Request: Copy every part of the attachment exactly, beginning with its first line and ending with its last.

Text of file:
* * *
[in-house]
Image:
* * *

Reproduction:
[in-house]
Image: